A man with no purpose knows only stagnation, and to strive with no purpose is like running in place. Eventually the heart runs out. It’s even worse if you feel that you have potential. Such a man might get existential. He might begin to distance himself from the life that he’s built and all the choices that he’s made. If he has a family, he might begin to resent each member. It’s a bleak reality for many people in society, but not one that’s often visited in film; certainly not in mainstream Hollywood cinema. But in the year 2000, off the heels of his massive, and to this day, greatest success in The Sixth Sense (1999), M. Night Shyamalan made Unbreakable, a film rooted in middle aged angst made digestible by its comic book, superhero trappings. A film about David Dunne, a forty year old security guard unaware that he’s special- that he’s superhuman-and Elijah Price, a man who finds his purpose in showing David his.

When we first meet David, he’s aboard a train failing painfully to flirt with a pretty passenger in an adjacent seat. We see him remove his wedding ring, and I’m thinking, this is our protagonist? Next, he’s sitting in a hospital bed talking to a baffled doctor. Shyamalan films this scene with David in the background and a patient in a more critical condition being operated on in the foreground. David is told that he’s been in a train accident, and only two people have survived. One, is the patient that we see being worked on (minutes from death) and the other is himself, with no scratches or broken bones. Thus setting in motion his encounters with Elijah, a comic book dealer obsessed with the idea that super-humans are not just in comics, but walk the Earth as he does. Elijah suffers from a disease that makes his bones especially brittle and he believes that there must be people on the opposite end of the spectrum in that they are unbreakable. The film follows David as he moves from no purpose to having purpose and examines the effect that has on his family-a wife that he can’t talk to anymore (played by a very moving Robin Wright) and a son who hero-worships him beyond what David feels he can deliver.

When you have the kind of success Shyamalan had with The Sixth Sense, you are in a position to do almost whatever you want. Studios want what you have, which could easily be an invitation to up the scale, and indulge. Shyamalan, instead, works in the same milieu as his previous film. He takes a B-movie genre in the comic book movie and elevates it to a work of art, first by taking it seriously, and second by grounding it in the themes of disillusionment spoken of earlier. As for the comic book element, he explained his vision for the film as basically revolving around the first act of a superhero’s arc in his story. Every superhero story works in three acts essentially: one) the hero discovers their powers two) the hero uses and develops those powers three) the hero faces off against his nemesis. How can you make a movie about the first, and usually most boring, aspect of a hero’s story work with an audience? Many filmmakers have noted how sequels in hero franchises tend to be better because the origin has already been established and they can approach more interesting territory. Shyamalan does something no other filmmaker has done with an origin story by truly capturing how frightening, mysterious, and life-altering this realization can be. He does so by making it a process rather than a epiphany. David survives a wreck. David sees that he has never been sick. David tests his strength. Etc. David is a complete enigma. To himself and to us. The entire film is David and Elijah attempting to solve this enigma. Why when David wakes up does he feel this inexplicable sadness? Why has he never been sick? How did he walk away from that train crash totally unharmed when no one else even survived?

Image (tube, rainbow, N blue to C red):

Bruce Willis, reteaming with Shyamalan after The Sixth Sense, gives his strongest career performance as Dunne. Shyamalan repeatedly frames David Dunne in the background, or obscured. This style isn’t seen very often as actors love close-ups. This style adds to the effect that Dunne is a mystery. We cannot read him.  Samuel L. Jackson, with his crazy do, is perfect in creating sympathy for this mostly unrelatable character and delivering some very out-there dialogue. His performance is crucial, because if we don’t believe him, then the film becomes unintentionally funny as we’ve seen in some of Shyamalan’s later works.

Unbreakable is made up of what feels like ten scenes. Ten extended, involving scenes that make the hour and forty minute runtime fly by. A recent development has come up that makes this great film-my choice for best superhero picture, tied with The Incredibles (2004)-worth revisiting. It wasn’t a runaway hit the way The Sixth Sense was, and it will never achieve mass appeal. Often when people go in to a movie with certain expectations, they’ll be disappointed if those expectations aren’t met, affecting their opinion of that film. But sometimes on second viewing, they can realize that what the film reaches for is actually better. I think Unbreakable can be this way for most viewers.

-Walter Howard

 

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